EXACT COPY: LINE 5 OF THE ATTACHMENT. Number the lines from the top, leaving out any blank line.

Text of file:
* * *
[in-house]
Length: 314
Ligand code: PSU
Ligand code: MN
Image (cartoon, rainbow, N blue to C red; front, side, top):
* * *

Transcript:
Image (cartoon, rainbow, N blue to C red; front, side, top):